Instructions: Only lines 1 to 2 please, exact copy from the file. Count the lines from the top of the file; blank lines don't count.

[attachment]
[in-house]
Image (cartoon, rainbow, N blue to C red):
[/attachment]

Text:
[in-house]
Image (cartoon, rainbow, N blue to C red):